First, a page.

Contractor Registries Aren’t Safety Programs

Stay alert so you don't get hurt
You can find almost anything related to workplace safety on the Internet, from PPE and site checklists to safety signs, consultants and even registries of contractors prequalified to meet basic safety standards. Just point-and-click to get anything you need, right? Not necessarily.

Prequalifying contractors to verify they meet your safety standards is an important step – but it’s just that: one step, according to the safety experts at Safety Management Group in Indianapolis. In a recent article, they explain that ensuring a safe workplace requires many additional steps and continued on-site monitoring that databases just can't provide.

5 Best Practices to Improve Contractor Safety

Caution Wear hard hat, safety glasses and safety shoes
A recent post on the NIOSH Science Blog outlines results of a new research report on the best practices for managing contractor and supplier safety, noting that "Contractor safety management is extremely relevant in our increasingly global and complex world that involves work in multiple countries, non-routine work and the use of international and temporary workforces."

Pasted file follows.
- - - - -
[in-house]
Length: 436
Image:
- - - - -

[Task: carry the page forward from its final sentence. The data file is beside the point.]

The report prepared by The Campbell Institute of the National Safety Council, identifies the three top factors that compromise contractor safety: 
  • Financial pressures and deadlines that can lead to shortcuts and unsafe behavior on the job 
  • Lax training and supervision of subcontract workers, broken information flows and unclear work responsibilities 
  • Insufficient safety standards and enforcement 

November 4, 2015

Maintain & Improve Workplace Driving Safety

How's my driving? Call ____
According to Bureau of Labor statistics, two out every five fatal work injuries in the United States are due to occupational traffic fatalities. Accidents are by far the leading cause of on-the-job fatalities and the BLS expects the 2014 numbers, which will be released in 2016, to be much higher. Not only are traffic accidents dangerous, they are costly to a organization's bottom line, too. Traffic accidents and deaths linked to federal employees have cost the U.S. Government nearly $75 million over a five-year period.

One key factor to consider when working to improve driver safety at your company is whether your staff drives privately owned vehicles (POV) or company vehicles for company business. Check your local laws and your insurance company before you send an employee out in their POV as their can be serious issues if they get into an accident.

Keep Tabs on Driving